- resources scaling (optional): memory, number of processors, duration (time or time of inactivity after which the server will be automatically stopped / destroyed)
Behavior upon clicking Launch:
- If a notebook server with the given name already exists and the parameters are not changed (or not set): connect to that server, restarting it if needed
- If the parameters have been changed, update the existing server when possible? Or should the user just delete the server?
- Otherwise, create and launch
Behavior upon following a server URL/badge:
- Display the authentication page (if not yet authenticated)
- Display a security confirmation dialog as above (if origin is not within the jupyterhub), with a description of the configuration and origin.
- As above after clicking “Launch”
Some use cases
Local binder (better name? [Binder@home?])
- Luc, a researcher, discovered a nice computing environment on Binder. Maybe a notebook demonstrating an interesting workflow to analyze data. He wants to use it more intensively on his own data.
- Lucy has found a notebook & binder environment published with a paper, and she wants to re-execute the notebook to reproduce the published results and start her research in the field. However, no binder (compute) resources are available in the cloud. The computation takes 20 minutes on a standard PC and she would like to run this calculation on her local server.
They recreate the same environment on their local server (for example by just changing the server name in the binder URL).
More advanced scenario to explore: Lucy would like to use her Desktop PC because that resource is readily available and idles 99% of the time.
Easy sharing of computational environments
- Sarah, a power user, is using some specialized stack of software on a daily basis; maybe she authored some of it. She wants her colleagues in her lab to try out that software.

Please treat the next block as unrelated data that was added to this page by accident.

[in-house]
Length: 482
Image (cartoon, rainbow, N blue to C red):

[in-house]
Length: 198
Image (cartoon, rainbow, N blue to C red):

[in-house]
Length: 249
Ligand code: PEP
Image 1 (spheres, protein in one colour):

- Paul organizes a training session for his colleagues.
- Alice has authored notebooks that she wants to share with her colleagues. Maybe the notebooks automatize some complicated processes and present them in the form of interactive web applications built using Jupyter widgets (demo). Think of a wizard to setup parameters and data, run a computation, and visualize the results.
They prepare a notebook server with the appropriate software stack installed configured and access to the user’s shared home directory. Maybe they provide some document. They then just have to share the URL with their colleagues. No lengthy software installation. The colleagues can then start working right away, in their own environment, using their own data, saving their work in their home directory.
In all cases, the explicit description of the computing environment (and the use of open source software!) eases:
- the publication of the same computational environment / notebooks elsewhere, e.g. on a public Binder;
- the installation the same software on the user’s personal computer.
Scenario: Alice and Bob want to collaborate on some data analysis.
They create a shared volume. Then either:
- They set up each their own notebook server, and let them share the same volume.
- Alice sets up a single server, with Bob as collaborator. Within the server, they are considered as the same user.
At this stage, they should not edit the same notebook simultaneously. However the stable version of JupyterLab, due sometime in 2018, should enable real-time collaboration in both setups, thanks to a CRDT file format for notebooks.
Scenario: using the server for a class’ computer labs and assignments
- Full customizability of the computing environment by the teacher;
- Support for live manipulation of the class notes;
- Support for submission, collection and auto-grading of assignments;
- Access from the computer labs or outside (home, …);
- Possibility to either use the server, needing only a web browser (no software installation required; supports phones, tablets, …), or install and run the software locally.
- A JupyterHub instance, configured as above, accessible from the teachers and students;
- A forge such as gitlab or github, accessible from JupyterHub
- A shared drive service (e.g. next cloud/nsf/…), serving home directories, and letting teachers setup shared volumes
- A shared authentication (e.g. SSO), so that notebook servers in JupyterHub can access the shared drive.
- Some web server
Procedure for the teacher(s):
- Set up a shared volume for the whole class
Prepare a computing environment in a git repository on the forge.
Typically includes: computational software, [nbgrader] + configuration, …
- Prepare the course material typically in a git repository on the forge (the same one or another)
- Use JupyterHub’s form UI to setup (and test) a full description of the student’s notebook servers, with mounting of the home directory (or subdirectory thereof?) and shared volume. Possibly add the teacher(s) as collaborator(s) ??? Get the corresponding URL.
- Possibly prepare a variant thereof for teachers of the class.